The moment he was out of the parlor Captain Wragge ascended the stairs at the top of his speed and knocked at Magdalen's door. She opened it to him in her walking-dress, obedient to the signal agreed on between them which summoned her downstairs.

"What have you done with your paints and powders?" asked the captain, without wasting a word in preliminary explanations. "They were not in the box of costumes which I sold for you at Birmingham. Where are they?"

"I have got them here," replied Magdalen. "What can you possibly mean by wanting them now?"

"Bring them instantly into my dressing-room -- the whole collection, brushes, palette, and everything. Don't waste time in asking questions; I'll tell you what has happened as we go on. Every moment is precious to us. Follow me instantly!"

His face plainly showed that there was a serious reason for his strange proposal. Magdalen secured her collection of cosmetics and followed him into the dressing-room. He locked the door, placed her on a chair close to the light, and then told her what had happened.

"We are on the brink of detection," proceeded the captain, carefully mixing his colors with liquid glue, and with a strong "drier" added from a bottle in his own possession. "There is only one chance for us (lift up your hair from the left side of your neck) -- I have told Mr. Noel Vanstone to take a private opportunity of looking at you; and I am going to give the lie direct to that she-devil Lecount by painting out your moles."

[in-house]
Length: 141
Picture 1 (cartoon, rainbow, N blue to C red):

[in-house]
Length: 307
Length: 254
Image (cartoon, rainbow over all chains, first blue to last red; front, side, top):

"They can't be painted out," said Magdalen. "No color will stop on them."

"My color will," remarked Captain Wragge. "I have tried a variety of professions in my time -- the profession of painting among the rest. Did you ever hear of such a thing as a Black Eye? I lived some months once in the neighborhood of Drury Lane entirely on Black Eyes. My flesh-color stood on bruises of all sorts, shades, and sizes, and it will stand, I promise you, on your moles."

With this assurance, the captain dipped his brush into a little lump of opaque color which he had mixed in a saucer, and which he had graduated as nearly as the materials would permit to the color of Magdalen's skin. After first passing a cambric handkerchief, with some white powder on it, over the part of her neck on which he designed to operate, he placed two layers of color on the moles with the tip of the brush. The process was performed in a few moments, and the moles, as if by magic, disappeared from view. Nothing but the closest inspection could have discovered the artifice by which they had been concealed; at the distance of two or three feet only, it was perfectly invisible.

"Wait here five minutes, "said Captain Wragge," to let the paint dry -- and then join us in the parlor. Mrs. Lecount herself would be puzzled if she looked at you now."

"Stop!" said Magdalen. "There is one thing you have not told me yet. How did Mrs. Lecount get the description which you read downstairs? Whatever else she has seen of me, she has not seen the mark on my neck -- it is too far back, and too high up; my hair hides it."

"Who knows of the mark?" asked Captain Wragge.